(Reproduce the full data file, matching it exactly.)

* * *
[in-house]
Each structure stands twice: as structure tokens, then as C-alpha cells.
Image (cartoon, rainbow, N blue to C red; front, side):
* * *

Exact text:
[in-house]
Each structure stands twice: as structure tokens, then as C-alpha cells.
Image (cartoon, rainbow, N blue to C red; front, side):